We know from many years of research that young children (from about age 3 through 6) begin to develop mathematical minds. Sometimes children develop surprising strategies for solving problems. For example:

- I asked 4-year-old Ben to count some yellow chips. He eventually got the correct amount (eight). Then I covered up the chips with paper and asked how many were underneath now. He spread his arms wide and said, “I give up.” He did not seem to know that the eight chips were still there even though he had just counted them.
**For him, out of sight meant out of mind.** - One of my graduate students asked a young girl to count. She counted: “one, two, three, five.” When asked why four was missing, the child replied that
*she*was four.**From the child’s point of view, she had ownership over the number four, so it could not be used in ordinary counting.** - I showed young Jennifer a toy rabbit and squirrel: “The rabbit has three carrots, and the squirrel has four. How many carrots do they have altogether?” I did not show her real carrots—Jennifer needed to imagine them in her mind. She does this but gets the wrong answer (six). Without correcting her, I asked: “How did you figure that out?” She said that she pictured in her mind four carrots and three carrots, then moved one from the group of three over to the group of four to get five carrots, and then another over to get six. At this point, she recognized her mistake and moved over the last imaginary carrot to get the correct answer of seven. This is remarkable!
**She developed her own sensible method for solving the problem—counting on, one at a time from the larger number. She made a mistake, leaving out one imaginary carrot, but when asked how she solved the problem, she thought and corrected herself.**

**Uncover Children’s Mathematical Minds**

Asking children about the way they solve math questions can offer useful information about children’s math thinking. Parents, teachers, and others often fail to appreciate that their children might think differently from how they do.

My goal is to help adults enter and understand young children’s mathematical minds.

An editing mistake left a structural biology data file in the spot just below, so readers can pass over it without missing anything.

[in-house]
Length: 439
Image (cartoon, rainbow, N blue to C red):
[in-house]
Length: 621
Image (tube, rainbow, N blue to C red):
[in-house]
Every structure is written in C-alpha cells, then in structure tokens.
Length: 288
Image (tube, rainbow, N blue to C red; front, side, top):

Knowing about children’s mathematical thinking helps you appreciate children’s creativity in solving problems they had not been taught to solve, and it sometimes reveals that they don’t understand something you thought they did.

Knowledge of an individual child’s thinking also helps you help the child learn. For example, in the case of Jennifer, I was less concerned with whether her answer was correct than with how she got it. My question about method led her to re-examine her strategy and implement it properly. By contrast, if I had simply told her that she was wrong or had just given her the correct answer, she would have learned very little.

**Thinking Stories**

To help you to understand individual children more deeply, we created Thinking Stories. The resources are based on videos of adult-child math conversations and accompanying text giving our interpretations. The narratives attempt to understand and portray how young children grapple with mathematical ideas.

Having studied these thinking stories, we encourage you to create your own—that is, to understand an individual child’s thinking. This will require talking to the child, asking some good questions (try these tips for having conversations about math), and observing the child. And then trying to make sense of it all.

Efforts to understand individual children’s math thinking will amaze you and make you a better teacher.